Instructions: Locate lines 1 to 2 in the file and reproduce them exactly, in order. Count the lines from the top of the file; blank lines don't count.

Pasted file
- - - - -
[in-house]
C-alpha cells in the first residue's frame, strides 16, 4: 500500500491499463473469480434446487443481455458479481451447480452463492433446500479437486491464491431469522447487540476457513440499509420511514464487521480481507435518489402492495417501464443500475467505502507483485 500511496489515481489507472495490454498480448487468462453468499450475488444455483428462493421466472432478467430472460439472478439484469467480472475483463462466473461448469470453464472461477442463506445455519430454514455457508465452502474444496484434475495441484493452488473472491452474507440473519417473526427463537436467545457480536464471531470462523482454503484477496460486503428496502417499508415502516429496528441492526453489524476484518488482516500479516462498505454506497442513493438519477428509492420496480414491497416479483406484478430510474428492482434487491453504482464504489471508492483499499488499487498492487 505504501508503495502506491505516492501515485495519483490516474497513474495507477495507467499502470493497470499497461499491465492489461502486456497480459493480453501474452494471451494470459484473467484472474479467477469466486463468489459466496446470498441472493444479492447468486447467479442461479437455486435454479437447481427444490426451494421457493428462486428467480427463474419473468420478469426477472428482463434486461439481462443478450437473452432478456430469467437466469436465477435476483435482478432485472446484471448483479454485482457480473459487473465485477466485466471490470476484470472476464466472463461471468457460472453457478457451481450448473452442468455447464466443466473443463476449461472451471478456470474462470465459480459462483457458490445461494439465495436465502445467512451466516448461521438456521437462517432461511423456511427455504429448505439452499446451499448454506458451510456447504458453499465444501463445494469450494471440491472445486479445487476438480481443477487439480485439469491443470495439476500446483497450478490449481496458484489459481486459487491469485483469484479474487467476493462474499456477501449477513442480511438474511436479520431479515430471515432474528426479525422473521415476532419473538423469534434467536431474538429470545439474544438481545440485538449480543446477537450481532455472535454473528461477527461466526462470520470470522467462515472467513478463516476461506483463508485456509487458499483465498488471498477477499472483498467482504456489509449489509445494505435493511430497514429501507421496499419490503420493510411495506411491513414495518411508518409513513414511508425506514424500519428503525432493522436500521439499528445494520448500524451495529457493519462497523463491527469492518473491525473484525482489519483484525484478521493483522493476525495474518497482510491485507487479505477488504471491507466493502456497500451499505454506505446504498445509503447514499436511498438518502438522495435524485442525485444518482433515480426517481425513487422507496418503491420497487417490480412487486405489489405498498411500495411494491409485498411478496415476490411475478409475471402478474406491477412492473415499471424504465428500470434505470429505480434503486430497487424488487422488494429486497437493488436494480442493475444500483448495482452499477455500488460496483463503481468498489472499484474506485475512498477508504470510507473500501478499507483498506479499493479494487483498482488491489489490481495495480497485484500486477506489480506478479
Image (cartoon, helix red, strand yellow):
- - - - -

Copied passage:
[in-house]
C-alpha cells in the first residue's frame, strides 16, 4: 500500500491499463473469480434446487443481455458479481451447480452463492433446500479437486491464491431469522447487540476457513440499509420511514464487521480481507435518489402492495417501464443500475467505502507483485 500511496489515481489507472495490454498480448487468462453468499450475488444455483428462493421466472432478467430472460439472478439484469467480472475483463462466473461448469470453464472461477442463506445455519430454514455457508465452502474444496484434475495441484493452488473472491452474507440473519417473526427463537436467545457480536464471531470462523482454503484477496460486503428496502417499508415502516429496528441492526453489524476484518488482516500479516462498505454506497442513493438519477428509492420496480414491497416479483406484478430510474428492482434487491453504482464504489471508492483499499488499487498492487 505504501508503495502506491505516492501515485495519483490516474497513474495507477495507467499502470493497470499497461499491465492489461502486456497480459493480453501474452494471451494470459484473467484472474479467477469466486463468489459466496446470498441472493444479492447468486447467479442461479437455486435454479437447481427444490426451494421457493428462486428467480427463474419473468420478469426477472428482463434486461439481462443478450437473452432478456430469467437466469436465477435476483435482478432485472446484471448483479454485482457480473459487473465485477466485466471490470476484470472476464466472463461471468457460472453457478457451481450448473452442468455447464466443466473443463476449461472451471478456470474462470465459480459462483457458490445461494439465495436465502445467512451466516448461521438456521437462517432461511423456511427455504429448505439452499446451499448454506458451510456447504458453499465444501463445494469450494471440491472445486479445487476438480481443477487439480485439469491443470495439476500446483497450478490449481496458484489459481486459487491469485483469484479474487467476493462474499456477501449477513442480511438474511436479520431479515430471515432474528426479525422473521415476532419473538423469534434467536431474538429470545439474544438481545440485538449480543446477537450481532455472535454473528461477527461466526462470520470470522467462515472467513478463516476461506483463508485456509487458499483465498488471498477477499472483498467482504456489509449489509445494505435493511430497514429501507421496499419490503420493510411495506411491513414495518411508518409513513414511508425506514424500519428503525432493522436500521439499528445494520448500524451495529457493519462497523463491527469492518473491525473484525482489519483484525484478521493483522493476525495474518497482510491485507487479505477488504471491507466493502456497500451499505454506505446504498445509503447514499436511498438518502438522495435524485442525485444518482433515480426517481425513487422507496418503491420497487417490480412487486405489489405498498411500495411494491409485498411478496415476490411475478409475471402478474406491477412492473415499471424504465428500470434505470429505480434503486430497487424488487422488494429486497437493488436494480442493475444500483448495482452499477455500488460496483463503481468498489472499484474506485475512498477508504470510507473500501478499507483498506479499493479494487483498482488491489489490481495495480497485484500486477506489480506478479